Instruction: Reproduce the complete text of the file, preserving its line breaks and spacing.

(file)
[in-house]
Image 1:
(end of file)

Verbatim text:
[in-house]
Image 1: